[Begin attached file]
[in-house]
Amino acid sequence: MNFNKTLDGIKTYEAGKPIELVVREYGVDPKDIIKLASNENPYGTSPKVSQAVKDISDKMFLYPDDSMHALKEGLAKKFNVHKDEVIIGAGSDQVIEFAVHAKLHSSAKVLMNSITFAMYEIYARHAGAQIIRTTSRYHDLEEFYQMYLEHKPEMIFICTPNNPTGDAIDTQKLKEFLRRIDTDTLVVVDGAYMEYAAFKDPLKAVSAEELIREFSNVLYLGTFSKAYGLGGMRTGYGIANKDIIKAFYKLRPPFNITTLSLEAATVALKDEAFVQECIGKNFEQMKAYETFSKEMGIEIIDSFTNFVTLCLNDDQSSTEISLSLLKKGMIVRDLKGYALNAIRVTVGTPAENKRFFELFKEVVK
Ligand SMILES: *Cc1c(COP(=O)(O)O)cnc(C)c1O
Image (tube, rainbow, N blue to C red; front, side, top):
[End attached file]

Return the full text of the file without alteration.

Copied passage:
[in-house]
Amino acid sequence: MNFNKTLDGIKTYEAGKPIELVVREYGVDPKDIIKLASNENPYGTSPKVSQAVKDISDKMFLYPDDSMHALKEGLAKKFNVHKDEVIIGAGSDQVIEFAVHAKLHSSAKVLMNSITFAMYEIYARHAGAQIIRTTSRYHDLEEFYQMYLEHKPEMIFICTPNNPTGDAIDTQKLKEFLRRIDTDTLVVVDGAYMEYAAFKDPLKAVSAEELIREFSNVLYLGTFSKAYGLGGMRTGYGIANKDIIKAFYKLRPPFNITTLSLEAATVALKDEAFVQECIGKNFEQMKAYETFSKEMGIEIIDSFTNFVTLCLNDDQSSTEISLSLLKKGMIVRDLKGYALNAIRVTVGTPAENKRFFELFKEVVK
Ligand SMILES: *Cc1c(COP(=O)(O)O)cnc(C)c1O
Image (tube, rainbow, N blue to C red; front, side, top):